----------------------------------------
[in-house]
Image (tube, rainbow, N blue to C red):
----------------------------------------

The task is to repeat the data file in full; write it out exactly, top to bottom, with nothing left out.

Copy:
[in-house]
Image (tube, rainbow, N blue to C red):